• Eating fresh lobster. This is the center of Maine’s lobster industry and lobster shacks are everywhere.  You may never have cheaper or fresher lobster.
  • Eating popovers. These eggy pastries are a local specialty.  Cover them in jam and butter.  Mmm…  Jordan Pond House is a classic place to have them.
  • Cycling the trails. John D. Rockefeller had miles of carriage trails built in the area, and they make great (albeit a little rocky) cycle paths. Rent an e-bike in Bar Harbor here.
  • Kayaking around the shoreline. The seas are calm and the shorelines filled with pebbly beaches and woods to explore, making this whole area ideal for kayaking. You can take a tour or bring your own kayaks. You can get an inflatable kayak for a very reasonable price and take it easily with you wherever you go on vacation. Read my guide to the best inflatable kayaks to help you decide which one to get.
  • Sailing on a tall ship. Taking a sunset sail around the islands is the perfect way to end your day’s adventures. Book a 2-hour sunset tall ship cruise here. You can buy beer and wine onboard.
  • Cruising to the Cranberry Islands. Book a 2.5-hour morning cruise or an afternoon cruise. See mountains, harbor seals and eagles, as you cruise past multiple lobster buoys. Spend time at a 200-year-old lobster fishing village of Little Cranberry Island and (in season) visit the interesting Islesford Historical Museum.
  • Eating blueberry ice cream in Bar Harbor
  • Swimming in the ocean (icy) or Echo lake (lovely and refreshing)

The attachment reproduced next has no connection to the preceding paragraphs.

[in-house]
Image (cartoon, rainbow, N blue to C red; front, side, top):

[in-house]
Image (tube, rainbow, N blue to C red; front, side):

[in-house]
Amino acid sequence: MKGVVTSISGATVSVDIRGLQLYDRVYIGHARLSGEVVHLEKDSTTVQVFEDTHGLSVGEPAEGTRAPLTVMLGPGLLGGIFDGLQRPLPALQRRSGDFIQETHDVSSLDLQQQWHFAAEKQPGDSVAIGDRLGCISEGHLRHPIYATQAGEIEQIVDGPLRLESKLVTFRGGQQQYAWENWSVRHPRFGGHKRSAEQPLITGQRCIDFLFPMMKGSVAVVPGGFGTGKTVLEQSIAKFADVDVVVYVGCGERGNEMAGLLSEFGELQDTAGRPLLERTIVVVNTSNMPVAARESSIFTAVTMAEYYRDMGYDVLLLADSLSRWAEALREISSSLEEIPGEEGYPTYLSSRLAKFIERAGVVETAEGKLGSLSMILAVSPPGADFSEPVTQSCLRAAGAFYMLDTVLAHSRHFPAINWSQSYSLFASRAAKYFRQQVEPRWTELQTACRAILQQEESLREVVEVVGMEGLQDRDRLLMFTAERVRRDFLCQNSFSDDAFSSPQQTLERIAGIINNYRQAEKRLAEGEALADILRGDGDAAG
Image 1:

• Driving. Driving along the Park Loop Road and up to the top of Cadillac Mountain is a great way to see the park. Enhance your experience with a 4-hour self-guided audio-tour. If you want to drive up Cadillac Mountain in summer/ fall, you will need to make a reservation. Read how to make a reservation for Cadillac Mountain here.
  • Taking a walking tour of Bar Harbor. Learn the history of this lovely north Atlantic coastal town. Book a 2-hour walking tour here.
Acadia National Park

3. Decide how to get to Acadia National Park/ how to get to Bar Harbor

The nearest airport is Hancock County-Bar Harbor Airport (BHB), which is just 13 miles/ 21 km from Bar Harbor, but it is a small regional airport with limited domestic flights.  The closest main airport is Bangor International Airport (BGR), which is 51 miles/ 82km from Bar Harbor.

Check prices on flights to Bar Harbor here.

The easiest way to get Acadia National Park is to drive.  There is no car rental from Bar Harbor Airport, which is tiny, but there is from the larger Bangor Airport.  Rent a car at the Bangor, Maine Airport here. Check out my guide to saving money on rental cars before you book.

You can also take a bus from Bangor to Bar Harbor.  There are a couple of bus companies that offer services from Bangor Airport to Bar Harbor: Down East Transportation and the Bar Harbor Shuttle.

4. Learn how to get around Acadia National Park

If you wondering how to visit Acadia National Park, well you can drive around the park.  To get up the top of Cadillac Mountain (well worth it), you need to make a reservation in the busy season. Reach my guide to Cadillac Mountain reservations for the full low down.